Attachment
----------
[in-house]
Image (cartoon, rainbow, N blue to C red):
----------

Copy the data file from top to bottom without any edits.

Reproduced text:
[in-house]
Image (cartoon, rainbow, N blue to C red):